This month sees the start of World Breastfeeding Week (WBW), which runs from the 1st – 7th August each year. It is the annual campaign coordinated by the World Alliance for Breastfeeding Action (WABA) that aims to “inform, anchor, engage and galvanise action on breastfeeding and related issues.” The week was started in 1992 to generate public awareness and support for breastfeeding, and since 2016, the WBW campaign has been aligned to the United Nation’s Sustainable Development Goals which aim to “end poverty, protect the planet and ensure prosperity for everyone by 2030.

Humans have been breastfeeding their babies for thousands of years and is a natural and instinctive behaviour for both mother and child. We would not have survived as a species had we not been able to provide our youngest infants with nutrition in their early months from breastfeeding. So why is there a need to promote breastfeeding, you may ask?

The WHO have recognised that breastfeeding is essential for children to achieve optimal growth, development and health and they recommend that children start breastfeeding within the first hour of life and breastfeed exclusively for the first 6 months. Thereafter, the WHO recommend they “receive adequate and safe complementary foods while breastfeeding continues up to the age of 2 years or beyond”.

Whilst many in the UK do not breastfeed as long as that, breastfeeding is described by the UK Government as “an important public health priority” and they go on to say that:
…“increasing the number of babies who are breastfed offers the best possible start in life. Breastfeeding improves infant and maternal health and well-being in both the short and longer term.”

Research about breastfeeding

In many low- and middle-income countries, breastfeeding is more prevalent than in high-income countries and is inversely associated with the national gross domestic product (GDP), so the higher the country’s income, the lower the rates of breastfeeding, and the lower a country’s income, the higher the rates of breastfeeding. Lower income families also tend to breastfeed for longer.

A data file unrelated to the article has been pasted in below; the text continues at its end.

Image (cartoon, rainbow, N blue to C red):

This could be due to a number of factors including:

  • Socioeconomic status
  • Education
  • Whether mothers work
  • The provision of breastfeeding-friendly facilities
  • Access to other sources of baby nutrition
  • Attitudes in the general society

The benefits of breastfeeding

The benefits for children’s development of being breastfed have long been established and include:

  • Protection against infection
  • Promotion of emotional attachment
  • Benefits against the risk of respiratory infections, gastroenteritis and ear infection
  • Improved oral health and protection against malocclusion (where teeth are not aligned properly)
  • Increased intelligence quotient points in childhood, adolescence and adulthood
  • Likely to reduce the risk of being overweight and developing diabetes
  • Reduced risk of sudden unexpected deaths in infancy in breastfed babies

Benefits for breastfeeding mothers include:

  • Reduced risk of ovarian cancer
  • Reduced risk of breast cancer
  • Promotes births being spaced out

In contrast, where breastfeeding is suboptimal, not breastfeeding is estimated to cause almost 600,000 child deaths annually from pneumonia and diarrhoea alone, and the death of nearly 100,000 women from ovarian cancer and breast cancer, as well as type 2 diabetes.